Frankly, this was the toughest part. I've been refining the criteria for the past 5 years, watching these films several times each to really understand where the common elements lie. Many times I would consider the criteria to be complete only to think of something new to add soon after. Within the last few months I have really focused on nailing down the point values and scoring formula and I'm very satisfied with it (for now).


How does a high scoring film compare to a low scoring one?

This is a great question! The answer is "it depends." The important thing to understand is that just because a film receives a low score doesn't mean it's not a "good" film. And of course, the opposite is also true.


Can I suggest changes to the criteria or challenge one of the scores?

Please do! Remember that this site is an experiment and the rules for scoring are somewhat arbitrary. If a scoring item seems to carry too many points (or not enough), or if you think a particular film was scored incorrectly, let me know.


How often will the site be updated?

"As often as possible," is the best answer I can give. The initial launch of the site will feature scores for 10 films and I hope to add 2 - 3 more each week after. Follow GialloScore.com on Twitter to get the latest information.


Will you review specific DVD and Blu Ray editions of these films?

Only if it's pertinent to the score. For example: The American Anchor Bay DVD release of "Delirium" by Renato Polselli contains two very different versions of the film. In these cases the score will indicate which version of the film it applies to.


What about spoilers?

In order to properly score a Giallo, the "whodunit" elements will need to be revealed. However, visitors who are using the site for new viewing suggestions will be able to avoid these spoilers and choose a film based on the overall score and a brief synopsis.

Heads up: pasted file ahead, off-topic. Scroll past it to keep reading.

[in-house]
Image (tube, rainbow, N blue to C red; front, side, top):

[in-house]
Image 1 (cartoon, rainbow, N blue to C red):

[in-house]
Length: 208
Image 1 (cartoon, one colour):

There's a film on this site that I can't find anywhere. How did you get a copy?

Almost every Giallo is available if you look hard enough.


I'm new to this whole Giallo thing, but very intrigued. What films should I start with?

Most introductions to the genre include at least one film by Dario Argento. It's hard to find a better example of a director who embraced the genre with as much style. Argento directed three landmark Gialli during the classic period. These films are often referred to as the "Animal Trilogy" because all three feature the name of an animal in their titles. The Giallo beginner would do well to start with any of these three:

Beyond Argento, Mario Bava is most often credited with inventing the genre with The Girl Who Knew Too Much (1963), although I don't recommend this film for people just starting out. Instead, Bava's follow up, Blood And Black Lace (1964) is wildly entertaining and a textbook example of the genre.

Other easily accessible Gialli include:


Can you suggest other sources of Giallo related information?

For those interested in a truly academic discussion of the genre, I highly recommend La Dolce Morte: Vernacular Cinema and the Italian Giallo Film by Mikel J. Koven.

Of course, not everyone is interested in treating this subject so seriously. If you're one of those people, Keith Brown's blog Giallo Fever is a great resource for Giallo information.

Unfortunately, the book that most fans consider the bible of genre, Blood And Black Lace by Adrian Luther Smith, is long out of print and existing copies are selling for over $200. If you can find a copy at a reasonable price, grab it.

Kinoeye has a meaty article on the genre and the now defunct, but still online, Killing In Style blog by Sylvan L has a lot of great observations as well.


Who are you and why are you doing this?

GialloScore.com is a labor of love, conceived over five years ago as a way to showcase my passion for web development, writing, and film. I don't claim to be an educated film critic, just a fan.